British police use 'EncroChat' breach to arrest more than 700 alleged 'kingpin' criminals
TORONTO -- Over the last three months, British police forces from across the country have made hundreds of arrests following a massive breakthrough by law enforcement into the dealings of organized crime within the U.K.
Police have arrested more than 700 people accused of being gun runners, drug traffickers, money launderers and more.
The spree of arrests is, for British police, an unparalleled smashing of crime networks long considered beyond the reach of the law.
“We have been able to hit the most senior levels of organized crime where it hurts most,” said Cressida Dick, commissioner of the Scotland Yard. “Getting people arrested, seizing their cash, stopping their distribution networks in a way that I have literally never seen before.”
Every police force in the country was involved in the effort -- but it was law enforcement in France and the Netherlands that made the arrests possible.
They hacked into a sophisticated encrypted phone system used by hundreds of these alleged criminals, called EncroChat. Suddenly, every message users sent, every drug and arms deal they organized, were all in the hands of law enforcement.
“My team described this as the equivalent to the cracking of the Enigma Code,” said Nikki Holland, Director of the National Crime Agency (NCA).
“These are not street-level criminals. These are middle-tier or upper-echelon criminals who people would describe as the kingpin of organized crime groups, the so-called iconic untouchables.”
According to a press release from NCA, the agency had been working with international law enforcement agencies since 2016 in order to break into EncroChat, in a huge effort called Operation Venetic.
The information obtained from EncroChat was shared via Europol, the release says. The identities of those using EncroChat was obtained by analyzing “millions of messages and hundreds of thousands of images.”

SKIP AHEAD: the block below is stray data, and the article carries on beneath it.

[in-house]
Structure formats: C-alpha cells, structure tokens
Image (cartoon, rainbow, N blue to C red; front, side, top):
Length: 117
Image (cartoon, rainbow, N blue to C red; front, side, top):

EncroChat’s servers were based in France. One of the features of EncroChat was a “kill code” to wipe the entire contents of the phone at a moment’s notice.
Worldwide, NCA estimates that there were 60,000 users of the secure mobile instant messaging system, and 10,000 users within the U.K.
“The sole use was for coordinating and planning the distribution of illicit commodities, money laundering and plotting to kill rival criminals,” the press release states.
The platform is now shut down -- according to the NCA, EncroChat realized they had been breached on June 13 and warned users to get rid of their phones, which cost around $2,500 for a six-month contract, and were only able to connect to other EncroChat handsets.
As a result of information pulled from the Encrochat hack, British police seized dozens of luxury watches and fancy cars, two tonnes of drugs, more than 70 firearms, and stashes of money.
In total, the equivalent of more than $91 million in cash was seized, according to the NCA.
Eight million dollars were obtained in a single raid -- the largest in Scotland Yard history.
The NCA say that a specialist team of theirs also used the information to prevent kidnappings and executions planned by rival gangs before the EncroChat servers were shut down, “successfully mitigating over 200 threats to life.”
“I want to emphasize that this work is the culmination of meticulous planning to tackle the most serious and organised crimes groups that have been working in our communities,” Chief Constable Steve Jupp, National Police Chiefs’ Council lead for serious organized crime, says in the NCA release. “Serious organised crime is complex but working together with our Regional Organised Crimes Units and the National Crime Agency we have achieved an unparalleled victory against the kingpin criminals whose criminal activity and violence intimidates and exploits the most vulnerable.
“By dismantling these groups, we have saved countless lives and protected communities across the U.K.”